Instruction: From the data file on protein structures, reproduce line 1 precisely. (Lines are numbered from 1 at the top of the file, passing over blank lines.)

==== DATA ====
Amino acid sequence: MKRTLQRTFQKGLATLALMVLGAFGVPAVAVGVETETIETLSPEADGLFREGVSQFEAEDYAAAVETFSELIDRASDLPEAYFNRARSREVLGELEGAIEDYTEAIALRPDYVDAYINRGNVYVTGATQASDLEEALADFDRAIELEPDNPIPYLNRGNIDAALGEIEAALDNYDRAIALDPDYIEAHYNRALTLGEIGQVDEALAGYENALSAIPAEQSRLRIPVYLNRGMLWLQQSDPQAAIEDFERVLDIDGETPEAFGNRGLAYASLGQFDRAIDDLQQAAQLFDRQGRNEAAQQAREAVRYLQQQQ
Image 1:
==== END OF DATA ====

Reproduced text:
Amino acid sequence: MKRTLQRTFQKGLATLALMVLGAFGVPAVAVGVETETIETLSPEADGLFREGVSQFEAEDYAAAVETFSELIDRASDLPEAYFNRARSREVLGELEGAIEDYTEAIALRPDYVDAYINRGNVYVTGATQASDLEEALADFDRAIELEPDNPIPYLNRGNIDAALGEIEAALDNYDRAIALDPDYIEAHYNRALTLGEIGQVDEALAGYENALSAIPAEQSRLRIPVYLNRGMLWLQQSDPQAAIEDFERVLDIDGETPEAFGNRGLAYASLGQFDRAIDDLQQAAQLFDRQGRNEAAQQAREAVRYLQQQQ